I've been having a terrific online banter with Brian Newman regarding the use of a David Letterman clip in a recent film. Brian's last observation was extremely astute, and got me thinking. The essential issue is whether the use of that clip constitutes a Fair Use under Section 107 of the Copyright Act and relevant case law.
In making his most recent argument, Brian relies pretty heavily on the Campbell case, which is the leading Supreme Court case on parody as a form of Fair Use. I think this case both hurts and helps Brian's position.
On the negative side, Campbell pretty clearly follows the traditional view that in order to constitute a Fair Use, the new work must be a parody of the original material itself. A parody is defined as a distorted imitation of the original work. In other words, you can't copy one person's protected work in order to make fun of something else. That's the traditional view. In this case, the Phoenix/Affleck film is not a distorted imitation of Letterman's show, and so technically does not appear to be a parody that would fall within the Fair Use exception.
On the other side, the Campbell case places a lot of emphasis on the "transformative" nature of the new creation. Brian is correct that little emphasis is placed on whether the new work is produced as a commercial venture. (While this is technically a factor to be considered, it seems to be the least important of the four factors referenced in Section 107.) What is more important is whether the new work is utilizing the older work for purposes of adding something truly fresh to the cultural landscape.
In this case, while the Phoenix/Affleck film does not directly parody Letterman, I think it does aggressively poke fun at the public's appetite for "juicy" stories about celebrities. Letterman is clearly right at the center of that topic. Being on Letterman (or Leno or Kimmel or Fallon or Ferguson, etc.) is a strong indicator of public interest in a person or topic. It is a cultural marker. I think it could be argued that the use of the Letterman clip in the context of the film's comment on public gullibility made the clip a parody of itself. That context placed the clip in a totally different light, and that is a very real type of distortion.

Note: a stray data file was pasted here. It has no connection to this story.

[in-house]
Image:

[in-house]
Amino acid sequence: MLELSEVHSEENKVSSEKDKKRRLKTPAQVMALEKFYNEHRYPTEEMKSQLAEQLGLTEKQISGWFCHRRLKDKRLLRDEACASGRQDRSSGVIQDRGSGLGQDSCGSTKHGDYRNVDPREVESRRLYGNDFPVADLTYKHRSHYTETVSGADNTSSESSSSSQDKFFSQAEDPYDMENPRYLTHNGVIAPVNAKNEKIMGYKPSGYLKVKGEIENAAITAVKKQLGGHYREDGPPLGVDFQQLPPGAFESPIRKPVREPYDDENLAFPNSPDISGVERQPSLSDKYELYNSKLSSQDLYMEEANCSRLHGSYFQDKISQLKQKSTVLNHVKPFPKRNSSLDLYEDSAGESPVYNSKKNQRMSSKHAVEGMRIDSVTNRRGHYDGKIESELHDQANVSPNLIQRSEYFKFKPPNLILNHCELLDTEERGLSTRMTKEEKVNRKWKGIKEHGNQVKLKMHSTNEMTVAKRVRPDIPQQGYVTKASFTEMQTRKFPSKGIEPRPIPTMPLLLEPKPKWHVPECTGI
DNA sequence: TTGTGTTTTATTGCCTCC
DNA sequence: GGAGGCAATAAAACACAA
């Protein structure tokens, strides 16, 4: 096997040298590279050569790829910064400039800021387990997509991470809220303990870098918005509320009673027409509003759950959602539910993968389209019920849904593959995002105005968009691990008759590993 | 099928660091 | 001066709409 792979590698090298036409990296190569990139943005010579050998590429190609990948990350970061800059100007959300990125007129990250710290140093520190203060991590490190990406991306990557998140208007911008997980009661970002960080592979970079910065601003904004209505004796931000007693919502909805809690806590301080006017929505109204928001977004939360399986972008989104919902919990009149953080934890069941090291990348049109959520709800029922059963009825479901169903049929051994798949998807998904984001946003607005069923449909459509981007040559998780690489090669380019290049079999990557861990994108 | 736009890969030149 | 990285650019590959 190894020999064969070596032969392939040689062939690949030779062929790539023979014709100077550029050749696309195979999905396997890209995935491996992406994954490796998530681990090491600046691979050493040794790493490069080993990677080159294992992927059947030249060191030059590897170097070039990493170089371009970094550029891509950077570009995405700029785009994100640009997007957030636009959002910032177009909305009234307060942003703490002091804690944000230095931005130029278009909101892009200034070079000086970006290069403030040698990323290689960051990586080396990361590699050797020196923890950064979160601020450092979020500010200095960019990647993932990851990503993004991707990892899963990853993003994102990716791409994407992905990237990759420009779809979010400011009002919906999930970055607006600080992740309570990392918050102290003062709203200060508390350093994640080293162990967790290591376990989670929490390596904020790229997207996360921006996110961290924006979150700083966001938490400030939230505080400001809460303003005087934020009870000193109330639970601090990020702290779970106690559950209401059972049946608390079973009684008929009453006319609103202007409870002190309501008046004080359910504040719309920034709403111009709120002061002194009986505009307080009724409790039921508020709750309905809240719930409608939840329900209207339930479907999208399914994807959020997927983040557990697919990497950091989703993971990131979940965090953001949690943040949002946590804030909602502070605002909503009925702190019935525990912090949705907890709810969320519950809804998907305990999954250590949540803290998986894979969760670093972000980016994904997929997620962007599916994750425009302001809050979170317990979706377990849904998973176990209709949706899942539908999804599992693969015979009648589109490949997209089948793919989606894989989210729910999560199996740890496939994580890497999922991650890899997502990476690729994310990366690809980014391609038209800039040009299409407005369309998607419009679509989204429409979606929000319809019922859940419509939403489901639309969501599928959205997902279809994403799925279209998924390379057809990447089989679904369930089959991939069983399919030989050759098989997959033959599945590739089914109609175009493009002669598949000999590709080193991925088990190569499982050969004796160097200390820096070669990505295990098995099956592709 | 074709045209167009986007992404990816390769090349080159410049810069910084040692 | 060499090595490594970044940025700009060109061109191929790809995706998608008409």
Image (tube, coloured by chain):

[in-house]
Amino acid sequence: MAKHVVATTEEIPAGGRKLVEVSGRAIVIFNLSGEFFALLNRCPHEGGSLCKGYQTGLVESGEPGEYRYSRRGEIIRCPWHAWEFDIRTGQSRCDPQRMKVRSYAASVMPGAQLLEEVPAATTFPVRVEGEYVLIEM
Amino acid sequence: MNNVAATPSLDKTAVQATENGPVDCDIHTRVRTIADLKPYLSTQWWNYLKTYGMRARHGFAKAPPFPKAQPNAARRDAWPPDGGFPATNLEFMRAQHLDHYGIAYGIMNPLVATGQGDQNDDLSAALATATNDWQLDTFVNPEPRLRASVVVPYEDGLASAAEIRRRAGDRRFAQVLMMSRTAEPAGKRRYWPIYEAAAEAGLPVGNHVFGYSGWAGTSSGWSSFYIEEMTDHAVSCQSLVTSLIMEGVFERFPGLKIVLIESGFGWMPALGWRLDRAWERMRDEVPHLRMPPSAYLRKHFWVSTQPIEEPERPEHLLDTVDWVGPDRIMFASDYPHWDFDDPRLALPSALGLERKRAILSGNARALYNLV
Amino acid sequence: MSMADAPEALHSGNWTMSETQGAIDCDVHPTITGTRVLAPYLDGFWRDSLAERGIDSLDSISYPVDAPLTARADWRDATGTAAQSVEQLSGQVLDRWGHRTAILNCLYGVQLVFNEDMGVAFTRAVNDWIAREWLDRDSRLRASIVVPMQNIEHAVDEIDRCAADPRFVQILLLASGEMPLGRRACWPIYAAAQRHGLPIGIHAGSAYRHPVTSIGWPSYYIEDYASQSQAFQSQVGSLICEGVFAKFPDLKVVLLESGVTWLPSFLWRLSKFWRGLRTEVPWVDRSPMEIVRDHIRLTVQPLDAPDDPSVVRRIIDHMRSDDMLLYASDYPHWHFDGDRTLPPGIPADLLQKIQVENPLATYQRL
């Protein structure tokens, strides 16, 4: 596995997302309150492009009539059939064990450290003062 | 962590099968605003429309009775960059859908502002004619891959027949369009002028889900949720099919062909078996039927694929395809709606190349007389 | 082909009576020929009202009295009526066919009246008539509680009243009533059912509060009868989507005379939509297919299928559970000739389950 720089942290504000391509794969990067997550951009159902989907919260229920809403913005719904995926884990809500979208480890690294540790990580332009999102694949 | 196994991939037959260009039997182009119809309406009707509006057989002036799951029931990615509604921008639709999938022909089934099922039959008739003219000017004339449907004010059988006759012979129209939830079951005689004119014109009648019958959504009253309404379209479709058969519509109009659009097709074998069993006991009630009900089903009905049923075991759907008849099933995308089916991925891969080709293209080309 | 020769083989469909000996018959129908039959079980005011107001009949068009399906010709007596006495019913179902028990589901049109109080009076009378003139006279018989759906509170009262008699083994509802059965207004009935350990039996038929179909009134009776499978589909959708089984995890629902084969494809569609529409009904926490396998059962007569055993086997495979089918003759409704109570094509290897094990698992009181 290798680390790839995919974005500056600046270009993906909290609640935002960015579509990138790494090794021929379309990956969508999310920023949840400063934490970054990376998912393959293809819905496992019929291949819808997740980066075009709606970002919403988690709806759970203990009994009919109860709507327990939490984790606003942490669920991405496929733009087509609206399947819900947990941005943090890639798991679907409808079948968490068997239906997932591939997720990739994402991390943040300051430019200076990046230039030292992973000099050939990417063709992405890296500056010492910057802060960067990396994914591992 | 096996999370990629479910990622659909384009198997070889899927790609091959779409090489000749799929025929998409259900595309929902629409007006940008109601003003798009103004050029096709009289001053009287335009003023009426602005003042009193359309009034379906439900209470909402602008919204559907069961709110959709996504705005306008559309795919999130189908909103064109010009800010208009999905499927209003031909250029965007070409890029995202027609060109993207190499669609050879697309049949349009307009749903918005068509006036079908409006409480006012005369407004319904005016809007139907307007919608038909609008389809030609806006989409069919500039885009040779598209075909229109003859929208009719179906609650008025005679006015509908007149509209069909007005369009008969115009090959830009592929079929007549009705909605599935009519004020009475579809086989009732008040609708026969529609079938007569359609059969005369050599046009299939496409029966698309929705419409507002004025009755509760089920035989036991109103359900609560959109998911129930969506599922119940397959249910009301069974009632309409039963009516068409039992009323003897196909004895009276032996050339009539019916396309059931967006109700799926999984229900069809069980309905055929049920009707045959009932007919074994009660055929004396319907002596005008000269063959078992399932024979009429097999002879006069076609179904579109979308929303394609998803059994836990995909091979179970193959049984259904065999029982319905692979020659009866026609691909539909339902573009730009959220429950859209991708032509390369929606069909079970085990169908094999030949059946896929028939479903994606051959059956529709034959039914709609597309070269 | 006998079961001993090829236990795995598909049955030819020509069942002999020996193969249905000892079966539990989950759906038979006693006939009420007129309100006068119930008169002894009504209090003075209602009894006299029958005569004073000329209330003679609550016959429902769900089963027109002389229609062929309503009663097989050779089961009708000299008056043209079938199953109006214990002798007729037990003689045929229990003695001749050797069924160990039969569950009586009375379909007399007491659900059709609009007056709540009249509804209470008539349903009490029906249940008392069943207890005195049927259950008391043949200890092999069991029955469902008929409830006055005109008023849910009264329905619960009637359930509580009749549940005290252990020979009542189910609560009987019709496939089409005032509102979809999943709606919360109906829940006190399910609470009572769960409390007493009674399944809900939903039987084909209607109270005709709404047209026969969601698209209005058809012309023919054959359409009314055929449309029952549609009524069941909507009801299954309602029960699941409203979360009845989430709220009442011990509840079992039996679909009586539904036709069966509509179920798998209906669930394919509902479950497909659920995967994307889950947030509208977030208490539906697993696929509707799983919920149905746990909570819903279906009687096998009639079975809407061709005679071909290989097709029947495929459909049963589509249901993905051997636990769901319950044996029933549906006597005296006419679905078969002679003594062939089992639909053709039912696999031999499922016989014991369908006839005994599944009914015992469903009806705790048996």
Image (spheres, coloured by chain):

Going further in my quest to challenge Mr. Newman's conclusions, I took a quick look at a number of Fair Use cases from the past couple decades to get a broader feel for the way courts rule on the issue. My quick unscientific research seemed to indicate that courts look most closely at whether the new work is causing economic damage to the value of the older work (the fourth consideration specifically referenced in Section 107).
I don't think a court would find the Phoenix/Affleck film to be a real threat to the value of or market for that episode of the Letterman show. In fact, I would argue that the promotional value of the inclusion of that clip probably exceeds any loss of revenue that may have resulted.
So, my bottom line at this point is that I think a court could go either way on the issue, but from a philosophical standpoint, a finding of Fair Use probably would be the better and more appropriate result. Mr. Newman, I believe you have won me over.
As an aside, a couple other interesting topics arose in my review of the relevant materials. First, Tom Quinn raises a great point in his comment on Brian's blog -- has the definition of "documentary" changed, and if it has, why and how?
Second, Letterman seemed to raise the issue of whether the use of his name and likeness in a context that added to the content of the film warranted separate compensation. This is a different issue from copyright infringement. This goes more to whether he became an unknowing collaborator or endorser of the film. Another very interesting question which we'll save for another day.